Before beginning to cook lentils from your pantry, it’s essential to sort them carefully as different sizes and colors of lentils require differing cooking times. By doing so, it will allow you to achieve optimal results with each batch you prepare.
Lentils are small lens-shaped seeds that come in an assortment of colors and textures, often featuring bits of plant matter such as dirt and leaves in their composition.
Though lentils all belong to one species of plant, their sizes can differ greatly. Some large ones might be much bigger than others; it’s essential that you sort them according to size before cooking in order to prevent an overwatery dish with too many whole lentils present. Sorting is simple and quick!
Lentils are an integral part of the diet in many cultures, providing cheap, versatile protein sources at an economical cost. Lentils have also proven their health-giving potential by helping lower cholesterol and blood pressure. Many recipes call for them, providing plenty of opportunities to use this versatile food in creative dishes.
Every variety of lentil has its own distinct taste and texture, from crunchy to soft. Many recipes suggest sorting lentils according to size before cooking so your dish comes out perfect every time – no more watery soup with too many uncooked lentils in it!
Sorting lentils can be messy business, so be sure to wash and allow your lentils to dry completely before beginning the sorting process. Working on a clean surface like a cutting board will also be ideal. Once your lentils have been thoroughly washed and dried off completely, start sorting by scattering them across your worksurface into piles approximately one lentil deep for sorting.
As you start sorting the lentils, remove any odd-looking pieces by pushing them to one side of your plate or bowl and separating them out into piles. If working with a large amount, having a dinner-size plate available to keep the lentils contained can be especially helpful in this step.
Once you have selected and sorted your lentils, place them in a jar covered with cloth. Pour enough water to cover all of the lentils in your jar before leaving it overnight to soak – they should continue growing as they soak for around 12 hours, at which point taste them and adjust with additional liquid if necessary.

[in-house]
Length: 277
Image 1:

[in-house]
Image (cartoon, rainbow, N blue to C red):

Lentils are very small, making them susceptible to collecting bits of dirt or debris during preparation. Rinsing and sorting can make a difference both in flavor and texture – and also decreases your chance of receiving an unexpected, unappetizing surprise in your bowl! Sorting can take only minutes per bag!
To quickly rinse and sort lentils, place them in a bowl filled with water, cover it and then remove any debris such as dirt or pebbles that rises to the top. Run your fingers through your drained lentils to feel for any that need to be removed – once done you can begin cooking!
There is an assortment of lentils available at your grocery store, and your selection should depend on your recipe. Brown lentils are popularly seen as all-purpose varieties as they can remain firm yet al dente or turn creamy when simmered longer – they cook quickly and make great additions to soups, stews, salads and veggie burgers!
Green lentils are very similar to brown ones in that they’re versatile yet have more delicate flavors, making them suitable for use in soups, salads, side dishes and casseroles. Yellow and purple lentils share similar firm textures but tend to have sweeter tastes; these varieties make an excellent addition to cold or hot grain dishes, salads or Buddha bowls.
Dark red and black lentils may not be as widely available, but they still prove invaluable. Perfect for Indian dals and curries or thickening soups.